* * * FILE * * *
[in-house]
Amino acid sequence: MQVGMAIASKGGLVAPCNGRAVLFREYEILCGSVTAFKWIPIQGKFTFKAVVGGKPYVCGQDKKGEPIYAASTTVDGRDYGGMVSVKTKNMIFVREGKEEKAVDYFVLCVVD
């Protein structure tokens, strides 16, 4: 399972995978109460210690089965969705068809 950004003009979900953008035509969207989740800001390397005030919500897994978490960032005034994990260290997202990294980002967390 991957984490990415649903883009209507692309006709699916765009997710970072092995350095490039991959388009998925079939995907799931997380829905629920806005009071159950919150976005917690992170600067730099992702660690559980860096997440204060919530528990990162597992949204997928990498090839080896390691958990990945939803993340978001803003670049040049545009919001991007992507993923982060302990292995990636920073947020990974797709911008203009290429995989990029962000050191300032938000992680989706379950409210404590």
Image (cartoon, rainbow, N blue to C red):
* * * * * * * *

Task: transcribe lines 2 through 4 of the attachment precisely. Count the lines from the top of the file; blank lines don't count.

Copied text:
Amino acid sequence: MQVGMAIASKGGLVAPCNGRAVLFREYEILCGSVTAFKWIPIQGKFTFKAVVGGKPYVCGQDKKGEPIYAASTTVDGRDYGGMVSVKTKNMIFVREGKEEKAVDYFVLCVVD
């Protein structure tokens, strides 16, 4: 399972995978109460210690089965969705068809 950004003009979900953008035509969207989740800001390397005030919500897994978490960032005034994990260290997202990294980002967390 991957984490990415649903883009209507692309006709699916765009997710970072092995350095490039991959388009998925079939995907799931997380829905629920806005009071159950919150976005917690992170600067730099992702660690559980860096997440204060919530528990990162597992949204997928990498090839080896390691958990990945939803993340978001803003670049040049545009919001991007992507993923982060302990292995990636920073947020990974797709911008203009290429995989990029962000050191300032938000992680989706379950409210404590």
Image (cartoon, rainbow, N blue to C red):